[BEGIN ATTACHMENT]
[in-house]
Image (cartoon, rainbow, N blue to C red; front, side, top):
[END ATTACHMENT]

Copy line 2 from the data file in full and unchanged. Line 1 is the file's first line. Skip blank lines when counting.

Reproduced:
Image (cartoon, rainbow, N blue to C red; front, side, top):